Variations on the Soup
As a means of extending the majesty, feel free to use any of these add-ins:
- handful of baby spinach
- handful of bean sprouts
- thinly sliced Chinese BBQ pork
- crispy fried onions or shallots
- thinly sliced chicken breast
- lo mein, mai fun or udon noodles
- peeled shrimp
Orzo is like a dependable friend – versatile, mixes well with others, but distinct and fun on its own. I’m an out and out fan. In lieu of the traditional radiatore pasta or bowties for a potluck stunner, why not outstanding orzo? This particular combination features peppery arugula, sweet tomatoes and salty mizithra cheese all gussied up with a light vinaigrette. It looks sunnier than Miss America in the Sahara desert.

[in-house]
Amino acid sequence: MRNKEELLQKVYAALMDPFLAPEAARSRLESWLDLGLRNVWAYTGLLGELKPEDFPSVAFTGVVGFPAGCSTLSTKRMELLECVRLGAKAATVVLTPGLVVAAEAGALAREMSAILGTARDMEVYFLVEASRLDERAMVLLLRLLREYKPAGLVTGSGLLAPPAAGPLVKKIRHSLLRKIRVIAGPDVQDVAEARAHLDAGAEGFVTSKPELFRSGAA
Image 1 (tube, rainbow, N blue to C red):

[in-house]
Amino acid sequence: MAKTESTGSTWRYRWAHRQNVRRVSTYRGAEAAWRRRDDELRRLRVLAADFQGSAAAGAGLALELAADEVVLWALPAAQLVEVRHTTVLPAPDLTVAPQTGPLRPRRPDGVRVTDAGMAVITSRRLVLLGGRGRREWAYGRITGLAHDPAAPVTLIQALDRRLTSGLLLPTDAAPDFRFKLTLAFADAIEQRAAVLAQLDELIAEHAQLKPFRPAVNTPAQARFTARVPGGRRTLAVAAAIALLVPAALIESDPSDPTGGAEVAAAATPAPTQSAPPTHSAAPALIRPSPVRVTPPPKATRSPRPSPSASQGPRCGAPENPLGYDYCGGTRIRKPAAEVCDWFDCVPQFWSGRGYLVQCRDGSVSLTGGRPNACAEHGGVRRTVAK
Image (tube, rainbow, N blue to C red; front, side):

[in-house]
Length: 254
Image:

Mizithra cheese is a rather fun addition – a hard sheep milk cheese made in Greece. It’s salty like feta, but drier and crumblier – perfect for a lively pasta salad. If you can’t find mizithra, you can certainly use ricotta salata or feta cheese. Also, try to use the best olive oil you can get your hands on – when you have a recipe with so few ingredients and little to no cooking, it helps to keep the flavors strong.
Orzo Salad with Arugula and Mizithra Cheese
1 lb. of orzo
2 heirloom tomatoes, diced
3 c. of arugula leaves, loosely chopped
1/2 c. of olive oil
6 oz. of mizithra cheese, crumbled
1/4 tsp. of salt
1/4 tsp. of pepper
4 tbs. of rice wine vinegar
3 tbs. of sliced green onion